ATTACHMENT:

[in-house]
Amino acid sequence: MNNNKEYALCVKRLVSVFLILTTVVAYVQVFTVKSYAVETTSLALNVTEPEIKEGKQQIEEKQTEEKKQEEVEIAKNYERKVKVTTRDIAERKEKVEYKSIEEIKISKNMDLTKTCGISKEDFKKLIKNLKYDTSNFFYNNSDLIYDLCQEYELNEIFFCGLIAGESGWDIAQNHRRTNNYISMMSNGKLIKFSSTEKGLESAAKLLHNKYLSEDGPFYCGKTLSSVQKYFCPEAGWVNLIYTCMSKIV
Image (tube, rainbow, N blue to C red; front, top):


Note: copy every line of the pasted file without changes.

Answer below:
[in-house]
Amino acid sequence: MNNNKEYALCVKRLVSVFLILTTVVAYVQVFTVKSYAVETTSLALNVTEPEIKEGKQQIEEKQTEEKKQEEVEIAKNYERKVKVTTRDIAERKEKVEYKSIEEIKISKNMDLTKTCGISKEDFKKLIKNLKYDTSNFFYNNSDLIYDLCQEYELNEIFFCGLIAGESGWDIAQNHRRTNNYISMMSNGKLIKFSSTEKGLESAAKLLHNKYLSEDGPFYCGKTLSSVQKYFCPEAGWVNLIYTCMSKIV
Image (tube, rainbow, N blue to C red; front, top):